bcmd_rot:	pop	rax
    		pop	rbx
    		pop	rcx
    		push	rbx
    		push	rax
    		push	rcx
    		jmp	_next
    b_mrot = 0x34
    bcmd_mrot:	pop	rcx
    		pop	rbx
    		pop	rax
    		push	rcx
    		push	rax
    		push	rbx
    		jmp	_next
    b_over = 0x35
    bcmd_over:	push	[rsp + 8]
    		jmp	_next
    b_pick = 0x36
    bcmd_pick:	pop	rcx
    		push	[rsp + 8*rcx]
    		jmp	_next
    b_roll = 0x37
    bcmd_roll:	pop	rcx
    		mov	rbx, [rsp + 8*rcx]
    roll1:		mov	rax, [rsp + 8*rcx - 8]
    		mov	[rsp + 8*rcx], rax
    		dec	rcx
    		jnz	roll1
    		push	rbx
    		jmp	_next

    And we will also make reading and writing commands in memory (fortov words @ and!). As well as their counterparts for another bit.

    Reading and writing to memory
    b_get = 0x40
    bcmd_get:	pop	rcx
    		push	[rcx]
    		jmp	_next
    b_set = 0x41
    bcmd_set:	pop	rcx
    		pop	rax
    		mov	[rcx], rax
    		jmp	_next
    b_get8 = 0x42
    bcmd_get8:	pop	rcx
    		movsx	rax, byte ptr [rcx]
    		push	rax
    		jmp	_next
    b_set8 = 0x43
    bcmd_set8:	pop	rcx
    		pop	rax
    		mov	[rcx], al
    		jmp	_next
    b_get16 = 0x44
    bcmd_get16:	pop	rcx
    		movsx	rax, word ptr [rcx]
    		push	rax
    		jmp	_next
    b_set16 = 0x45
    bcmd_set16:	pop	rcx
    		pop	rax
    		mov	[rcx], ax
    		jmp	_next
    b_get32 = 0x46
    bcmd_get32:	pop	rcx
    		movsx	rax, dword ptr [rcx]
    		push	rax
    		jmp	_next
    b_set32 = 0x47
    bcmd_set32:	pop	rcx
    		pop	rax
    		mov	[rcx], eax
    		jmp	_next

    We may still need comparison commands, and we will do them.

    Comparison commands
    # 0=
    b_zeq = 0x50
    bcmd_zeq:	pop	rax
    		or	rax, rax
    		jnz	rfalse
    rtrue:		push	-1
    		jmp	_next
    rfalse:		push	0
    		jmp	_next
    # 0<
    b_zlt = 0x51
    bcmd_zlt:	pop	rax
    		or	rax, rax
    		jl	rtrue
    		push	0
    		jmp	_next
    # 0>
    b_zgt = 0x52
    bcmd_zgt:	pop	rax
    		or	rax, rax
    		jg	rtrue
    		push	0
    		jmp	_next
    # =
    b_eq = 0x53
    bcmd_eq:	pop	rbx
    		pop	rax
    		cmp	rax, rbx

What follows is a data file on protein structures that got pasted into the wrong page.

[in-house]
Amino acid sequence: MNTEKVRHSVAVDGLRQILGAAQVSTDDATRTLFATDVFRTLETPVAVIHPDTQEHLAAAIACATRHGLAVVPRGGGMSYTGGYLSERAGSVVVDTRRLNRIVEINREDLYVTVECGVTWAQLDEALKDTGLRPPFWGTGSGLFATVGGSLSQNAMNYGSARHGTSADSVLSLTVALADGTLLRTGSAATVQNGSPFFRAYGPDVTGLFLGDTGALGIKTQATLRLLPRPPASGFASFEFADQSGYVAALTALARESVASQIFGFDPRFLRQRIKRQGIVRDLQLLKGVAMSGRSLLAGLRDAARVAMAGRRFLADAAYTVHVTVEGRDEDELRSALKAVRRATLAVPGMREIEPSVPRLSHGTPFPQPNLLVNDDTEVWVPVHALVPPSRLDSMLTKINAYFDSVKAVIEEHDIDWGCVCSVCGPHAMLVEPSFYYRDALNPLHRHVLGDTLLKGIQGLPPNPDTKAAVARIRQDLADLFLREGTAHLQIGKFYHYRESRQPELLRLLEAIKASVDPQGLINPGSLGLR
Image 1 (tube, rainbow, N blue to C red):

jz	rtrue
    		push	0
    		jmp	_next
    # <
    b_lt = 0x54
    bcmd_lt:	pop	rbx
    		pop	rax
    		cmp	rax, rbx
    		jl	rtrue
    		push	0
    		jmp	_next
    # >
    b_gt = 0x55
    bcmd_gt:	pop	rbx
    		pop	rax
    		cmp	rax, rbx
    		jg	rtrue
    		push	0
    		jmp	_next
    # <=
    b_lteq = 0x56
    bcmd_lteq:	pop	rbx
    		pop	rax
    		cmp	rax, rbx
    		jle	rtrue
    		push	0
    		jmp	_next
    # >=
    b_gteq = 0x57
    bcmd_gteq:	pop	rbx
    		pop	rax
    		cmp	rax, rbx
    		jge	rtrue
    		push	0
    		jmp	_next

    We will not test the operation. The main thing that the assembler would not give when compiling errors. Debugging will be in the process of using them.

    Immediately make the word depth (stack depth). To do this, at the start, save the initial values ​​of the data stack and the return stack. These values ​​can still be useful when restarting the system.

    init_stack:	.quad	0
    init_rstack:	.quad	0
    _start:		mov	rbp, rsp
    		sub	rbp, stack_size
    		lea	r8, start
    		mov	init_stack, rsp
    		mov	init_rstack, rbp
    		jmp	_next
    b_depth = 0x38
    bcmd_depth:	mov	rax, init_stack
    		sub	rax, rsp
    		shr	rax, 3
    		push	rax
    		jmp	_next

    Output numbers


    Well, the warm-up is over, and you have to sweat a little. Let's teach our system to display numbers. To output numbers in the fort, use the word "." (point). We do it the way it is done in standard implementations of the fort, using the words <#, hold, #, #s, #>, base. We'll have to realize all these words. A buffer and a pointer to the character being formed are used to form the number; these will be the words holdbuf and holdpoint.

    So, we need these words:

    • holdbuf - a buffer for forming the representation of a number, the formation takes place from the end
    • holdpoint - address to the last displayed character (in holdbuf)
    • <# - the beginning of the formation of a number; sets holdpoint to byte, after last byte holdbuf
    • hold - decreases holdpoint by 1 and saves the character from the stack to the buffer at the received address
    • # - divides the word at the top of the stack into the base of the number system, the remainder of the division translates into a character and stores it into the buffer using hold
    • #s - converts the entire word; actually calls the word # in a loop until 0 is left on the stack
    • #> - completion of the conversion; pushes the beginning of the formed string and its length onto the stack

    We will do all the words on the byte-code, but first we will deal with variables.

    Variables